University of London Observatory
[Radcliffe Dome construction]
The Observatory Development Project

The Observatory is currently expanding its facilities to include three new domes to house the Joynson 6-inch Cooke refractor, the Fry 8-inch Cooke refractor and a proposed new 20-inch professional-grade reflector, as well as more office space to accommodate more staff and open-plan teaching areas.

Part of the reason for the construction project is that at the moment, first-year students rely heavily on the Joynson telescope and smaller telescopes which have to be set up and dismantled for each teaching period. They are operated out of doors where they are subject to the effects of wind and vibrations, and can deteriorate due to humidity. Telescopes housed in domes are protected from these environmental effects and can be permanently aligned with precision, leading to more effective use. The dome which currently houses the Joynson telescope is deteriorating and should be replaced.

The Observatory Development Project now underway proposes to solve these problems. A new extension will be added to a current teaching and office building, which will provide enlarged laboratory rooms for first-year students and public lectures, also including toilet facilities for disabled persons.

Building work began on May 17th 1999 and will continue until the intended completion date of September 30th, when it will be opened for the use of students entering UCL in October 1999.

Images from the Observatory Development Project

The Telescope Building

North elevation of the new telescope building

Planning permission was obtained from the London Borough of Barnet in April 1998 for the new telescope block and extension to teaching facilities. The new telescope building will be located on land previously occupied by the old Joynson dome and storage and workshop sheds which have now been demolished. Storage space will be included in the new classroom block to replace what will be lost.

The new telescope building has been carefully designed in outward appearance to reflect the architecture of the main building, which was designed in 1929 by L. Rome Guthrie. Domes will be erected by the same manufacturer who built the two already on site. The Central dome will have a diameter of 14'6" and will house the Fry telescope. The East and West domes will measure 12'6" in diameter and will contain the Joynson and the proposed new 20-inch reflector respectively.

The telescope pillars sit on 2-metre cubed blocks of concrete five metres below ground level, from which the columns emerge. The Central and West columns are 1m in diameter and the East 0.7m. The structures are isolated from the main buildings by concrete rings which support the building while the telescope columns float in clay. The diameters of these rings are 3m for the Central and west columns and 2.5m for the East. Having the telescope pillars totally isolated from the main building will ensure that precision of the instruments will not be affected by the transmission of vibrations from the building, for example, by footsteps.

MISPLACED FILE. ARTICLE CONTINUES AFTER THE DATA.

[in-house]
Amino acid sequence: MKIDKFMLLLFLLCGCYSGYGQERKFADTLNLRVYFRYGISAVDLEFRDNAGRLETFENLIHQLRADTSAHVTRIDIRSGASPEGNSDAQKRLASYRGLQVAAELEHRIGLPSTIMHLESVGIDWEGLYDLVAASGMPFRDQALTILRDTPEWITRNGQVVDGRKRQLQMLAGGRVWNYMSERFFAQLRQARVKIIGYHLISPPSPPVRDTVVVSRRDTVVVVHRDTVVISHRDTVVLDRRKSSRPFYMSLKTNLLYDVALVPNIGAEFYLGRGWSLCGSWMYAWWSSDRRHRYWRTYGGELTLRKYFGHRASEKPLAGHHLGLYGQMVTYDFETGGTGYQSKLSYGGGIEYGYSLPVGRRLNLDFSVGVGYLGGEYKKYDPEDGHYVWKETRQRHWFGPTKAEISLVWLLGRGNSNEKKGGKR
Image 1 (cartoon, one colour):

Each dome will have its own control room which will be isolated from the domes by double glazing to allow heating of these occupied rooms while the telescopes can remain at a constant temperature. When necessary the three domes can be converted into a single space by the retraction of sliding doors, perhaps to allow space for a large public observing party.

Due to the Observatory Development Project, there will be improved public access to the site. At present public access is confined to alternate Fridays from October to March, and larger-scale open nights for Science, Engineering and Technology week, as well as numerous school visits. Demand for public visits outweighs what we are able to provide, but the extension should be able to accommodate the excess. In the case of special astronomical events like the appearance of Comet Hale-Bopp in March 1997, to which the Observatory opened its doors to over three-hundred people four nights running, the numbers will be much better accommodated.

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